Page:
Monday, July 31, 2017

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Chapeau

What's lost when a language disappears? Consider this analogy: Language is to humans as the ocean is to the planet. Simple. No language, no people. Or, looked at another way, how strange would it be if there were just one fish in the ocean?

To those who argue that biodiversity is a tempest in a teacup, the loss of language no doubt seems entirely inconsequential. That view seems too narrow to merit any consideration. If you wore blinders that limited your range of vision to a just a few degrees either side, what would you see? More importantly, what would you not see?




biolinguistics - the evolution of language

Tunnel vision is the name for this condition. By analogy, those people with a limited, literal viewpoint are said to suffer from tunnel vision.

A simple example is found in the French word chapeau. Literally, it means 'hat'. Figuratively, it is an exclamation that means 'I take my hat off to you' or 'good job', 'kudos' and the like. In Canada, the word is also used as a substitute for the name of the province of Quebec.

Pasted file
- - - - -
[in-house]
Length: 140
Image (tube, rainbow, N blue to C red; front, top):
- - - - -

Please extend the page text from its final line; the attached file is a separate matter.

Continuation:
Every word has both a denotation and a connotation. The primary, or literal meaning is its denotation. The other ideas and feelings that the word invokes comprise its connotation. Quite often, the invoked meaning is so subtle that only native speakers understand the nuance.

The origin of words and language continues to be controversial. Biolinguistics studies this problem; and argues that language is innate, that it is more akin to the color of our eyes than our ability to multiply. This theory states that the basic components of language---grammar and syntax, for example---have evolved just as animals and plants have done. If we are ever to fully understand how we think, and thus why we behave as we do, biolinguistics is the path that will lead us to the answer.

The loss of a language then becomes far more critical than the simple disappearance of some remote linguistic group. Language is who we are. And, as poet John Donne wrote, 'no man is an island, entire of itself ... any man's death diminishes me ...'

Each language lost diminishes us all.


Vive le différence.

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